The United States Supreme Court first recognized the domestic relations exception to federal jurisdiction in Barber v. Barber13 in 1858.14 Factually, Mrs. Huldah Barber received a yearly alimony award of $360 under a divorce decree issued by the New York Court of Chancery.15 However, because her former husband moved to Wisconsin and refused to comply with the alimony order, Mrs. Barber sued to enforce the order in the U.S. District Court for the District of Wisconsin on the basis of diversity jurisdiction.16 Despite being frequently cited as the case that created the domestic relations exception to federal jurisdiction,17 Barber actually held that the federal district court possessed jurisdiction to hear Mrs. Barber’s case.18 The Court explained that jurisdiction was proper because Mrs. Barber sought “to prevent that decree from being defeated by fraud.”19 The Court continued by providing its often-quoted dictum: “We disclaim altogether any jurisdiction in the courts of the United States upon the subject of divorce, or for the allowance of alimony, either as an original proceeding in chancery or as an incident to divorce . . . .”20
Thus, in regard to its precedential value, Barber only recognized an exception to federal jurisdiction for divorce and alimony, only recognized that jurisdiction in the context of diversity jurisdiction, and only recognized that exception in dicta.21 Furthermore, the Court provided absolutely no reasoning or authority to support its recognition of the domestic relations exception.22 However, offering some rationale for the exception, Justice Daniel’s dissenting opinion alleged that American courts possess only the jurisdiction held by the English courts of chancery, which did not extend to suits for divorce or alimony.23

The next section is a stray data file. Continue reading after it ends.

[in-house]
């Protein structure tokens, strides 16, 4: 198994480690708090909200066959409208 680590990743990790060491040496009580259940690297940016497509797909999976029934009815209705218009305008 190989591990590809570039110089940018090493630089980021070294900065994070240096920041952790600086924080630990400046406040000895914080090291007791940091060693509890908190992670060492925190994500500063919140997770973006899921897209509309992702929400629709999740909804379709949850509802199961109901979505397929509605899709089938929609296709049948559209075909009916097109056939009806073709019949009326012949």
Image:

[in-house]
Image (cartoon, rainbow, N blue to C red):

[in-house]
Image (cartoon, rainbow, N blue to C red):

Over three decades after Barber, the Court revisited the domestic relations exception and, at least on its face, drastically expanded the exception.24 In In re Burrus,25 a grandfather who had previously been the primary custodian of his granddaughter was imprisoned by a U.S. district court for contempt for taking custody of his granddaughter in violation of the U.S. district court’s order of custody, via a writ of habeas corpus, in favor of the child’s father.26 The grandfather appealed his conviction, arguing that the district court lacked jurisdiction to grant the habeas petition and order custody.27 With astonishing breadth, the Court stated, “The whole subject of the domestic relations of husband and wife, parent and child, belongs to the laws of the States and not to laws of the United States.”28 Following Barber’s lead, the Burrus Court also failed to provide rationale or authority for its now-broad rule.29